TONY HETHERINGTON: Obatan isn’t offering a stock scam, just a bad deal

Tony Hetherington is the Financial Mail on Sunday’s top investigator, battling readers’ corners, exposing the truth that lies behind closed doors and winning victories for those left out of pocket. Find out how to contact him below.

Ms MJ writes: I was betrayed by Obatan.

I filled out a form and mailed my stock certificate from Sun Life Financial when Obatan said they were willing to buy my stock, but I haven’t received anything since.

Offering: Obatan is based in Glendale, California

Tony Hetherington replies: Let me say one thing straight away. You contacted me at a time when the Financial Conduct Authority had publicly warned that Obatan might be offering financial services without their authorization. It urged everyone to “beware of dealing with this unauthorized company” and advised “steps you should take to protect yourself from fraud”.

About four weeks later, FCA took back every word of it. She announced: ‘The FCA, based on the information currently available to it, does not believe that Obatan LLC is carrying on activities in the UK for which it is required to be licensed.’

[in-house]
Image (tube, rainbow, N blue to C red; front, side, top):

So what are these activities exactly? Well, Obatan — which is based in Glendale, California — has reached out to shareholders at a number of companies, offering so-called “mini-tenders.” In short, it offers to buy their shares. This is perfectly legal, but foul value for anyone who accepts it. And because Obatan says it will only acquire a modest stake in the target company, it doesn’t fall under the usual rules for takeover bids.

Sun Life Financial said it did not recommend or endorse the offer, which included £26 per share. That was around 39 percent below the price you could have gotten in the stock market.